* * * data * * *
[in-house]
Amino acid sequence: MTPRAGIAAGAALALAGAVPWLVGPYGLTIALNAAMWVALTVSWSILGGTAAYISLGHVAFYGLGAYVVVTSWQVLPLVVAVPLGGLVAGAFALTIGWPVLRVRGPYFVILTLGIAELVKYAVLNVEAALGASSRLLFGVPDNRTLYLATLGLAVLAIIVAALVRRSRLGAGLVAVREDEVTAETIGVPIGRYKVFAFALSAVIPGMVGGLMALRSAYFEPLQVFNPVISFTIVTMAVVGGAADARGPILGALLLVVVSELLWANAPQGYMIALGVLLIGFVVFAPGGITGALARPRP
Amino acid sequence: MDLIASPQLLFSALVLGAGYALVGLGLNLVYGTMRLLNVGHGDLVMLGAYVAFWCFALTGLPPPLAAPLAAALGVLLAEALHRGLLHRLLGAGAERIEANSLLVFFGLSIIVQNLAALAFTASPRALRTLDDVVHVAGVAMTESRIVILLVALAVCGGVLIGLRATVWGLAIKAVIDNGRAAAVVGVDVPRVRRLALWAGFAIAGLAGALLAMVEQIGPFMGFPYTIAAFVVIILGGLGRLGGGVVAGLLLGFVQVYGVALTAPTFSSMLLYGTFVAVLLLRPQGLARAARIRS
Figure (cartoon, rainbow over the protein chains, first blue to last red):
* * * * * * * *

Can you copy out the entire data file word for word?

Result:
[in-house]
Amino acid sequence: MTPRAGIAAGAALALAGAVPWLVGPYGLTIALNAAMWVALTVSWSILGGTAAYISLGHVAFYGLGAYVVVTSWQVLPLVVAVPLGGLVAGAFALTIGWPVLRVRGPYFVILTLGIAELVKYAVLNVEAALGASSRLLFGVPDNRTLYLATLGLAVLAIIVAALVRRSRLGAGLVAVREDEVTAETIGVPIGRYKVFAFALSAVIPGMVGGLMALRSAYFEPLQVFNPVISFTIVTMAVVGGAADARGPILGALLLVVVSELLWANAPQGYMIALGVLLIGFVVFAPGGITGALARPRP
Amino acid sequence: MDLIASPQLLFSALVLGAGYALVGLGLNLVYGTMRLLNVGHGDLVMLGAYVAFWCFALTGLPPPLAAPLAAALGVLLAEALHRGLLHRLLGAGAERIEANSLLVFFGLSIIVQNLAALAFTASPRALRTLDDVVHVAGVAMTESRIVILLVALAVCGGVLIGLRATVWGLAIKAVIDNGRAAAVVGVDVPRVRRLALWAGFAIAGLAGALLAMVEQIGPFMGFPYTIAAFVVIILGGLGRLGGGVVAGLLLGFVQVYGVALTAPTFSSMLLYGTFVAVLLLRPQGLARAARIRS
Figure (cartoon, rainbow over the protein chains, first blue to last red):